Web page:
The mischievous New Year gift from President Goodluck Jonathan to Nigerians, through the Petroleum Product Price regulatory Agency (PPPRA) is totally unacceptable and must be resisted. The time is now. We must remind ourselves that Nigeria and her resources are the collective commonwealth of every Nigerian. Since Nigeria is not a “cocoa farm” for our politicians, we must resist any attempt by them to sell, impoverish and punish us under any name (policy/plan or agenda).

*GOVERNMENT HAS SAID THAT:* -         
Nigerian petroleum prices must go up because other countries around Nigeria like Ghana, Niger, Chad and Cameroun sell higher than us; -         

Less than 100 cabals/cartels are enjoying the fuel subsidy money; -         

Money realized from fuel subsidy will be used to fix road and other infrastructures; -         

Employment will increase due to the de-regularisation of the downstream petroleum sector -     

Our four refineries are producing less than 50% of their installed capacities and thus creating the impetus for imported fuel; -         

1,600 mass transit buses will be purchased to cushion the effect of mass transportation around the country;

*BUT WE THE PEOPLE ARE ASKING TO KNOW WHY:* -         
Nigerian Leaders always duplicating policies that will further impoverish our citizens? -         

Nigerians leader must allow over 150 millions Nigerians to suffer because of corruption and illegal business characterising petroleum product importation which they are afraid to tackle? -         

Road and other infrastructures in this country have suffered neglect not as a result of lack of money to construct them but as a result of our leaders failing to follow up on contracts awarded and tackling corruption in award of contracts as well as prosecution of failed contractors. -         

Employment opportunities that will be created (if any) will be reserved for children of political office holders as we have seen in the past. -          

The Federal Government should have ensured that the old and new refineries work before the removal of the subsidy. -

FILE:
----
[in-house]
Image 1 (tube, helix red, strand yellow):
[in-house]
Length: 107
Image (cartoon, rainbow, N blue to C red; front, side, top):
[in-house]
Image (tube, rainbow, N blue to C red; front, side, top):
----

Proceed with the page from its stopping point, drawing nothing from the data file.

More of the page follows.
The resolution by FEC on Wednesday (4th Jan, 2012) to purchase 1600 mass transit buses for over 150 millions Nigerians is not acceptable. Not only is the number grossly inadequate, but also the resolution is a product of a naïve bent of mind that assumes that the only effect of the subsidy removal is high transportation costs. Its evil hand can also be felt in food prices, goods and services. - 

Nigerian leaders lack the political will and courage to tackle corruption in the oil and gas sector; thus, the removal of petrol subsidy. -         

Removal of Fuel subsidy was not part of President Goodluck Jonathan’s campaign agenda. So why the quick implementation of an agenda that was not part of the so called transformation agenda, while the key issues of the campaigns are left unattended to? -         

Why has the proposed April, 2012 kick-off date now 1st Jan, 2012? The removal of fuel subsidy amounts to gross abuse of democracy. The Federal Government should have if at all they have been paying oil subsidy, first done the following before increasing the pump price: -         

Ensure steady power supply to all Nigerians, as Nigerians spend a large chunk of their incomes on fueling their generators both at home and workplaces. -         

Build and rehabilitate existing refineries to operate at or near their installed capacities. By so doing there will be no need to buy imported fuel to the detriment of Nigerians. -         

Exhibit political will to crack down on illegal fuel importers that also benefit from the fuel subsidy regime. -   
Build trust and confidence among the citizens -         

Reduce cost of governance -         

Reduce opaqueness and bureaucratic corruption.

WHY CANT WE HAVE COMPARATIVE COST ADVANTAGE ON OUR PETROLEUM PRODUCT?

NIGERIANS SHOULD NOT PAY FOR THE PRODUCT BUT ONLY PAY FOR THE COST OF PRODUCTION. *Petroleum Subsidy is the only benefit we derived from Government for living in an Oil producing country.

**TAKE ACTION! NIGERIA BELONGS TO US ALL, NOT ONLY TO THE ‘SELECTED’ LEADERS AND POLITICIANS. WE MUST ACT NOW!




From a lecturer in a Nigerian University during the mass action

My dear Sister,

May God bless you for the wonderful reply given to the  honourable Minister. Let us keep on praying for God to take perfect control of the whole situation so that the government will understand the suffering of we the masses. In fact today I was not myself when I heard there was no solution to the situation and that the strike should continue.

With all the troubles in the country our morale is down and our intellectual productivity is also low.

From Ahmed Sule
Dear Professor,

I read with interest your article on the fuel subsidy removal on your blog. The points you raised were very valid. I hope that our leaders will take on board everything that you have said.

I would like to share this article which I wrote a couple of days ago with you. The title of the article is Martin Luther King's Letter To Occupy Nigeria. This article is a hypothetical letter, in which I imagine end MLK writing a letter to the Nigerian masses expressing his support and giving words of encouragement to the protesters.